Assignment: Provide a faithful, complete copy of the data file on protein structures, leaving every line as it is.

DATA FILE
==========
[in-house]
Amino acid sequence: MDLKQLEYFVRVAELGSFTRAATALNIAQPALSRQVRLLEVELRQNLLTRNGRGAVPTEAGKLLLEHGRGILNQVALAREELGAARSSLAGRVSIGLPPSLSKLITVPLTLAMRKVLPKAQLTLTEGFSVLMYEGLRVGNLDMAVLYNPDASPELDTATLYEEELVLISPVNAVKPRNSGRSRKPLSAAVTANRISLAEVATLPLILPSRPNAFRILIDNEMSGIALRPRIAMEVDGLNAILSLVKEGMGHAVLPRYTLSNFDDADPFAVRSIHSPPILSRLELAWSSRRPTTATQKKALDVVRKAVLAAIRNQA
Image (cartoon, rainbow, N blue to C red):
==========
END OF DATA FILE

[in-house]
Amino acid sequence: MDLKQLEYFVRVAELGSFTRAATALNIAQPALSRQVRLLEVELRQNLLTRNGRGAVPTEAGKLLLEHGRGILNQVALAREELGAARSSLAGRVSIGLPPSLSKLITVPLTLAMRKVLPKAQLTLTEGFSVLMYEGLRVGNLDMAVLYNPDASPELDTATLYEEELVLISPVNAVKPRNSGRSRKPLSAAVTANRISLAEVATLPLILPSRPNAFRILIDNEMSGIALRPRIAMEVDGLNAILSLVKEGMGHAVLPRYTLSNFDDADPFAVRSIHSPPILSRLELAWSSRRPTTATQKKALDVVRKAVLAAIRNQA
Image (cartoon, rainbow, N blue to C red):